I think it’s pretty obvious which it would be better to choose.

So may it be.

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Bring a Friend to Church!

(I delivered this sermon at the Unitarian Universalist Fellowship of the Peninsula on November 3rd 2013.)

A few years ago I did an internship as a hospital chaplain.  With some regularity I visited hospital patients who were quick to assure me, once I’d introduced myself as a chaplain, that they were already saved.  I guess they assumed that that’s the only reason I was there: to “save” them, to “convert” them, to “evangelize” them.  Perhaps they thought that telling me they were already saved was the quickest way to get rid of me, this stranger intruding upon them when they would have much preferred to be left in peace to recover from surgery.  I didn’t feel any particular animosity from any of them, and if I were in a similar situation today, more experienced and self-confident than I was then, I might respond by asking something like “Would you be willing to tell me what you mean by ‘saved’?”  I’m pretty sure I’d quickly find that what they meant by it, or what they thought I’d assume they meant by it, wasn’t the same as what I meant by it.

Our culture, of course, has a simple idea of what it means to be saved, namely that the person who has been saved will go to heaven after they die.  That’s actually a gross oversimplification of Christian theology — quite apart from the question of how it’s supposed to apply to members of other faiths such as Judaism and Buddhism — and it comes to us in large part from televangelists and television shows about televangelists.  When you’re trying to distill two thousand years of tradition into a few sentences that’ll fit between a praise song and another plea for money, I guess that’s what happens.  (Outside the United States, by the way, in places like England where I grew up, that’s what people think religion in the United States is actually like.)

So it’s not altogether surprising that most Unitarian Universalists don’t talk about being saved.  But that’s not because it’s a foreign concept, as it is in other non-Christian religions.  Rather, it is actually part of our theology, and it’s a big part of our history, but it’s been hijacked and abused to the extent that UUs don’t talk about it for fear of being misunderstood.  But this morning I do want to talk about it, because it’s time for us to reclaim it for a healthier and more spiritually mature cause.  Since our culture does have this simplistic idea of what it means, we really ought to know what we mean by it.  So I want to talk this morning about salvation.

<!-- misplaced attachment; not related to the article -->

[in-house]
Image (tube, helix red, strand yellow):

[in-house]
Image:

Our religion gets half of its name, Unitarian Universalism, from people who had a very particular idea about salvation.  They were the people who believed in universal salvation.  This was a belief that was present in the very earliest days of Christianity, a belief that people didn’t need to do particular things or satisfy particular requirements or be chosen in some particular way in order to reach heaven; no, everyone, in the end, reached heaven.  As the early Christians organized themselves, the belief in universal salvation was deemed a heresy, and the people who believed in universal salvation, who came to be known as Universalists, were cast out as heretics.  And yet Universalism persisted, cropping up here and there throughout Christendom’s extent in space and time, and does so even today, whenever people stopped to think about what it really means for God to be capable of infinite love.  As the great Universalist preacher Hosea Ballou put it some two hundred years ago, “Your child has fallen into the mud, and her body and garments are dirtied.  You wash her and dress her in clean robes.  The question is, do you love your child because you washed her or did you wash her because you love her?”

Universalism was not, of course, without its critics.  One story about Hosea Ballou comes from the days when he rode between towns on horse-back, preaching at a number of churches on a circuit.  One day he was riding with a Baptist minister, and they were arguing theology as they traveled.  At one point, the Baptist looked over and said, “Brother Ballou, if I were a Universalist and feared not the fires of hell, I could hit you over the head, steal your horse and saddle, and ride away, and I’d still go to heaven.”  Ballou looked back at him and said, “My friend, if you were a Universalist, the idea would never occur to you.”